Clogged Arteries in Legs Pose Major Health Risk
Peripheral arterial disease (PAD) is a condition that develops when the arteries that supply oxygen-rich blood to the internal organs, arms and legs become completely or partially blocked as a result of atherosclerosis (buildup of plaque). PAD can increase the risk of heart attack, stroke, amputation and possibly death. PAD affects 8 to 12 million Americans, which is why September is recognized as PAD Awareness Month.
UnityPoint Health – Finley Hospital’s Heart and Vascular Center and Wound and Hyperbaric Center treat and manage PAD with the most advanced technologies. In Finley’s Heart and Vascular Center, Dr. Tauseef Khan, UnityPoint Clinic Cardiology, performs atherectomies to help patients with PAD. This minimally invasive procedure, performed in Finley’s cath lab, uses a small rotational device, inserted into the patient’s artery via catheter to cut the plaque away from the artery wall. Dr. Khan provides this procedure to patients experiencing PAD in all extremities, all the way down the leg to the lower calf.
“As a first line of defense, a healthy lifestyle is always a recommendation,” explains Dr. Khan. “However, sometimes medications are necessary to reduce the risks that come with PAD. Interventional procedures like atherectomy, angioplasty and/or stenting can improve limb salvage and reduce the risk of amputation.”
Finley’s Wound and Hyperbaric Center is another option for patients with PAD. With less blood flow to extremities, there is more risk for developing non-healing wounds. Hyperbaric Oxygen Therapy is a non-invasive, painless treatment in which the patient breathes 100 percent oxygen inside a pressurized chamber for short periods of time. The therapy increases oxygen flow to the oxygen-starved areas of the body.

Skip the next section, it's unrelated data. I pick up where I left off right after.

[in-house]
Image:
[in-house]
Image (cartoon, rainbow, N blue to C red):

When plaque builds up in the arteries, there are many possible side effects including heart pain and heart attacks if the arteries of the heart are involved; strokes and transient ischemic attacks if the arteries in the neck are involved; and claudication, non-healing leg ulcers and critical limb ischemia if the lower extremity arteries are involved. Chronic toe and foot sores are common in people with PAD, as are cramping, numbness, weakness or heaviness in the leg muscles. Many patients with PAD do not experience symptoms.
UnityPoint Health – Finley Hospital recommends the following action steps to help manage PAD:
• Lifestyle changes such as quitting smoking, correcting blood pressure and cholesterol numbers
o Smoking, high blood pressure and high cholesterol are major risk factors for the development of PAD. Managing these conditions can help improve blood circulation.
• Develop healthy eating habits and an exercise plan
o Exercising can help increase the circulation and reduce pain in the lower extremities. Walking, hiking and bike riding are good exercise options. A personal trainer can help tailor a custom workout plan that best fits a person’s needs.
• Medications and special procedures or surgeries
o Consult with a UnityPoint Clinic Cardiology physician about which medications or procedures may help PAD and if they are needed.
For more information about PAD and treating chronic wounds, contact Finley’s Wound and Hyperbaric Center.